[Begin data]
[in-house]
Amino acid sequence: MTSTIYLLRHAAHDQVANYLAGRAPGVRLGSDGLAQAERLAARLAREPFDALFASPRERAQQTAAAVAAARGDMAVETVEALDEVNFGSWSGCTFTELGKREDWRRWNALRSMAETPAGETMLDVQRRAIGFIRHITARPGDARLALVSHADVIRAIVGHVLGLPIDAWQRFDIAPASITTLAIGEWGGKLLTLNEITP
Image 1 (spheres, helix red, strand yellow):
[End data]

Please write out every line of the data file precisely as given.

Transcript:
[in-house]
Amino acid sequence: MTSTIYLLRHAAHDQVANYLAGRAPGVRLGSDGLAQAERLAARLAREPFDALFASPRERAQQTAAAVAAARGDMAVETVEALDEVNFGSWSGCTFTELGKREDWRRWNALRSMAETPAGETMLDVQRRAIGFIRHITARPGDARLALVSHADVIRAIVGHVLGLPIDAWQRFDIAPASITTLAIGEWGGKLLTLNEITP
Image 1 (spheres, helix red, strand yellow):